It's not that there's nothing that I can do without electricity, it's just that when you have a power outage, the routine is upset. Shoveling, walking, cooking, eating, reading, writing, sleeping, stoking the fire; none these require electricity, but not having electricity means that if I want to check the weather forecast on either the Internet or television, or the news for that matter, I can't. Of course, today that means I can't watch the Olympics.
I didn't even know the electricity went out. I was letting my fingers do the work on my computer while I listened to some music. The music seemed to come to the end of the CD, the room was bright from the subtle outside light of a outcast day, and everything was fine until I tried to check on the Internet for some information. But I continued my writing as if nothing had happened; while start a new CD when I get up.
Then it hit me that the refrigerator would start turning bad after several days. Gail called the neighbors down the road who reported that they did have electricity. That probably means that it's a minor problem and easy to fix but probably a low priority. So, dig out the candles and flashlights and create a new what will I do with myself this evening. By tomorrow, if things go as forecasted and projected, the snow will have abated so that we can drive to town to recharge computer batteries, watch the rescheduled basketball games and attend the PNC meeting. The driveway which I cleared this morning is down to gravel and so driving to the mailbox is a snap.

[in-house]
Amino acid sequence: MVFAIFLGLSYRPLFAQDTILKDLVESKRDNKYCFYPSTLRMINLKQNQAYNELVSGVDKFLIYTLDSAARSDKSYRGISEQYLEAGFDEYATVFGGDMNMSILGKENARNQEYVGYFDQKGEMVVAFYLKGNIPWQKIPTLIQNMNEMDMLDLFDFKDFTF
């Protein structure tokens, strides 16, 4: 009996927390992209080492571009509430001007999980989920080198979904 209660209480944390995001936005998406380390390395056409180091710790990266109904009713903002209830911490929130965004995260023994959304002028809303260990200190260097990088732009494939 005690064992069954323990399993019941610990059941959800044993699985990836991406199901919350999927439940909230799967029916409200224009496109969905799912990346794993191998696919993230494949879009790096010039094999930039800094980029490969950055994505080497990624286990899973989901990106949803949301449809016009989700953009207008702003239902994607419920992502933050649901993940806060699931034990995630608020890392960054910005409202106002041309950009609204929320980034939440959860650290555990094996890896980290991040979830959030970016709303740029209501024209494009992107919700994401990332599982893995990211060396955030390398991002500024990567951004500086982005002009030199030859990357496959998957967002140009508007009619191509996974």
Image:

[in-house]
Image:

The evening lighting is settling in so only gross activities are now an option; fine detailed projects like painting and sewing cross stitching are out. Playing piano remains on the list.
Statistically, the snow measured about 16 inches this morning before the drips started coming off the roof and an hour ago that same site was about 9 inches. The sidewalk is bare but wet where shoveled. Until the electricity returns this post will sit quietly in my computer.